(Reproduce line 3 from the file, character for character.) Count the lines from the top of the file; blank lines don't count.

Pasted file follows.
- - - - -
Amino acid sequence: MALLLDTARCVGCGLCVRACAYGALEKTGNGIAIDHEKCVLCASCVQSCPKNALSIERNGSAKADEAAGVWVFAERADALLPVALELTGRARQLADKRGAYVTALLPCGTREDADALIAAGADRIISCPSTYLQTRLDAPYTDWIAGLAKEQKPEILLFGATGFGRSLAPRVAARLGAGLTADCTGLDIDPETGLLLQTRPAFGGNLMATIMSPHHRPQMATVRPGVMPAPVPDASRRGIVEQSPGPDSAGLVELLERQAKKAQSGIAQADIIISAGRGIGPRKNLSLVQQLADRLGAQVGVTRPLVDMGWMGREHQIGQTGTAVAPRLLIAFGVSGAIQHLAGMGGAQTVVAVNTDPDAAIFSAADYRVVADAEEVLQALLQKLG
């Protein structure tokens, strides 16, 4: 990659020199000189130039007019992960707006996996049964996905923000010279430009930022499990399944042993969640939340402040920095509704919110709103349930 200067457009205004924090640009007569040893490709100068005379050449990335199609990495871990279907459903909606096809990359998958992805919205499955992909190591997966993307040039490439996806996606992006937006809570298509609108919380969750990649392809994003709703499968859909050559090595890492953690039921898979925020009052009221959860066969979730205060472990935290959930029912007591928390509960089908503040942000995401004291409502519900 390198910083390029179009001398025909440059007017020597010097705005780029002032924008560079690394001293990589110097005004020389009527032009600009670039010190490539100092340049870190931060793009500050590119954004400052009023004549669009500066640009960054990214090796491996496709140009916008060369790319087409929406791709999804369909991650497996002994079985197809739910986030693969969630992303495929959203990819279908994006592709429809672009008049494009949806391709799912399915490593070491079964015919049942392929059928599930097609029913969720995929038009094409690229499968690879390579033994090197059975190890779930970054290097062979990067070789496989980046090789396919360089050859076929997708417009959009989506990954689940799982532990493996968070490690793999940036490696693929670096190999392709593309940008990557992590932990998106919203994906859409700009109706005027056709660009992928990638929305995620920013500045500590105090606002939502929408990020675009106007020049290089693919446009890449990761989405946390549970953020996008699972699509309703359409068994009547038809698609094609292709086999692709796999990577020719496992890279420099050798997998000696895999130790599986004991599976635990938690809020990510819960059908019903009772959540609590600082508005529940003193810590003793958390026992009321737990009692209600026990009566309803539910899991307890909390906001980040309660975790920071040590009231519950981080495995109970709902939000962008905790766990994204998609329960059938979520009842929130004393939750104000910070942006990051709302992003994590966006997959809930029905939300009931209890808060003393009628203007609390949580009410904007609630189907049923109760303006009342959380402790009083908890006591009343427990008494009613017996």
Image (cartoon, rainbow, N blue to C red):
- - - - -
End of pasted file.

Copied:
Image (cartoon, rainbow, N blue to C red):